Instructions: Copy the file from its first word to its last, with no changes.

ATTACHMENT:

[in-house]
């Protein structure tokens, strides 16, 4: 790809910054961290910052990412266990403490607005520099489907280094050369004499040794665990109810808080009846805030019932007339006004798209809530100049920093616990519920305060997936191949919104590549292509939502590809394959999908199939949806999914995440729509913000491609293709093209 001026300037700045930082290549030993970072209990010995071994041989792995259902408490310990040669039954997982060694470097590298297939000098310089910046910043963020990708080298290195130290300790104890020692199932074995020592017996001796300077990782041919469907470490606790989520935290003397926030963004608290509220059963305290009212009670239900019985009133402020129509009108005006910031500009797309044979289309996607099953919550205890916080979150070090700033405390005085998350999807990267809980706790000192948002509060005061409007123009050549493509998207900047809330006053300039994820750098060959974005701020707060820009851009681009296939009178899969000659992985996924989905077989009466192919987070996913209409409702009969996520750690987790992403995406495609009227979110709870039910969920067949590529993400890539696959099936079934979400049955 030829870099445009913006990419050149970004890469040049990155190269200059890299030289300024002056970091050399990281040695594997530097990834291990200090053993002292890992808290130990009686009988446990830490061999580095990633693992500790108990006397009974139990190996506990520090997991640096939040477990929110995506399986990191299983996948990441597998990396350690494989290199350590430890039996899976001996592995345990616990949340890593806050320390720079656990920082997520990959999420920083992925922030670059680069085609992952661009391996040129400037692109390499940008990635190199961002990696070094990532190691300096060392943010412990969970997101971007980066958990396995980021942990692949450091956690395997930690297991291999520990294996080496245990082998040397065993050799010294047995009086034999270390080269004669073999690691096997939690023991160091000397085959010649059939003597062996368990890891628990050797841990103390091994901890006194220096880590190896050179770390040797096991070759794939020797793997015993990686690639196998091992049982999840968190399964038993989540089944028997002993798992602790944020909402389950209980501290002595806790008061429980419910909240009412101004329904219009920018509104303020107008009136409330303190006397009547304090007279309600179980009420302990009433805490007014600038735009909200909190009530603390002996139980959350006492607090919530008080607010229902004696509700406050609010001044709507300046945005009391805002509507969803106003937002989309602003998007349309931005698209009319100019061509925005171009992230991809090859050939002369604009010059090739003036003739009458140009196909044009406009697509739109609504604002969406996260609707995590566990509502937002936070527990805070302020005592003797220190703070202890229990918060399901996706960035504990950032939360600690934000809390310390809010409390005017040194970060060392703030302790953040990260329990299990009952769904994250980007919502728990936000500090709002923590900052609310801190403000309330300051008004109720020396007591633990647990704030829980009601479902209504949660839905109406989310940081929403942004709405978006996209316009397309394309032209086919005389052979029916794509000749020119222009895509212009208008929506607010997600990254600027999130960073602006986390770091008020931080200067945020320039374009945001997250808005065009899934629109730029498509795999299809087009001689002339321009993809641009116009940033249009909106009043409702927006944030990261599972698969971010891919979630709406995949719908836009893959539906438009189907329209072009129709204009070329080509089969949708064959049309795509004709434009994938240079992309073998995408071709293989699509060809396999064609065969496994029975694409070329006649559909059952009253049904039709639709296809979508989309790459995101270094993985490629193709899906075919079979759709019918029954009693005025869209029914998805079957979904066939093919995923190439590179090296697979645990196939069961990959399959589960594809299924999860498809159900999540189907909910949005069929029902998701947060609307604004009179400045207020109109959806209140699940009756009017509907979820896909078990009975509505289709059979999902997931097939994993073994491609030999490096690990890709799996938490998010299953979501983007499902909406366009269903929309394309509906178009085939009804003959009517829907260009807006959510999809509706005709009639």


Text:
[in-house]
């Protein structure tokens, strides 16, 4: 790809910054961290910052990412266990403490607005520099489907280094050369004499040794665990109810808080009846805030019932007339006004798209809530100049920093616990519920305060997936191949919104590549292509939502590809394959999908199939949806999914995440729509913000491609293709093209 001026300037700045930082290549030993970072209990010995071994041989792995259902408490310990040669039954997982060694470097590298297939000098310089910046910043963020990708080298290195130290300790104890020692199932074995020592017996001796300077990782041919469907470490606790989520935290003397926030963004608290509220059963305290009212009670239900019985009133402020129509009108005006910031500009797309044979289309996607099953919550205890916080979150070090700033405390005085998350999807990267809980706790000192948002509060005061409007123009050549493509998207900047809330006053300039994820750098060959974005701020707060820009851009681009296939009178899969000659992985996924989905077989009466192919987070996913209409409702009969996520750690987790992403995406495609009227979110709870039910969920067949590529993400890539696959099936079934979400049955 030829870099445009913006990419050149970004890469040049990155190269200059890299030289300024002056970091050399990281040695594997530097990834291990200090053993002292890992808290130990009686009988446990830490061999580095990633693992500790108990006397009974139990190996506990520090997991640096939040477990929110995506399986990191299983996948990441597998990396350690494989290199350590430890039996899976001996592995345990616990949340890593806050320390720079656990920082997520990959999420920083992925922030670059680069085609992952661009391996040129400037692109390499940008990635190199961002990696070094990532190691300096060392943010412990969970997101971007980066958990396995980021942990692949450091956690395997930690297991291999520990294996080496245990082998040397065993050799010294047995009086034999270390080269004669073999690691096997939690023991160091000397085959010649059939003597062996368990890891628990050797841990103390091994901890006194220096880590190896050179770390040797096991070759794939020797793997015993990686690639196998091992049982999840968190399964038993989540089944028997002993798992602790944020909402389950209980501290002595806790008061429980419910909240009412101004329904219009920018509104303020107008009136409330303190006397009547304090007279309600179980009420302990009433805490007014600038735009909200909190009530603390002996139980959350006492607090919530008080607010229902004696509700406050609010001044709507300046945005009391805002509507969803106003937002989309602003998007349309931005698209009319100019061509925005171009992230991809090859050939002369604009010059090739003036003739009458140009196909044009406009697509739109609504604002969406996260609707995590566990509502937002936070527990805070302020005592003797220190703070202890229990918060399901996706960035504990950032939360600690934000809390310390809010409390005017040194970060060392703030302790953040990260329990299990009952769904994250980007919502728990936000500090709002923590900052609310801190403000309330300051008004109720020396007591633990647990704030829980009601479902209504949660839905109406989310940081929403942004709405978006996209316009397309394309032209086919005389052979029916794509000749020119222009895509212009208008929506607010997600990254600027999130960073602006986390770091008020931080200067945020320039374009945001997250808005065009899934629109730029498509795999299809087009001689002339321009993809641009116009940033249009909106009043409702927006944030990261599972698969971010891919979630709406995949719908836009893959539906438009189907329209072009129709204009070329080509089969949708064959049309795509004709434009994938240079992309073998995408071709293989699509060809396999064609065969496994029975694409070329006649559909059952009253049904039709639709296809979508989309790459995101270094993985490629193709899906075919079979759709019918029954009693005025869209029914998805079957979904066939093919995923190439590179090296697979645990196939069961990959399959589960594809299924999860498809159900999540189907909910949005069929029902998701947060609307604004009179400045207020109109959806209140699940009756009017509907979820896909078990009975509505289709059979999902997931097939994993073994491609030999490096690990890709799996938490998010299953979501983007499902909406366009269903929309394309509906178009085939009804003959009517829907260009807006959510999809509706005709009639």